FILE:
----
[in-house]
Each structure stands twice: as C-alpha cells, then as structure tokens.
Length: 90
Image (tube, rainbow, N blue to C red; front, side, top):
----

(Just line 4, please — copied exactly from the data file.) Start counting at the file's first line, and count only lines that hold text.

Image (tube, rainbow, N blue to C red; front, side, top):